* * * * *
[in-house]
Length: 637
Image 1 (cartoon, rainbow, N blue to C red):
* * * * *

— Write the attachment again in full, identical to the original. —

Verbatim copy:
[in-house]
Length: 637
Image 1 (cartoon, rainbow, N blue to C red):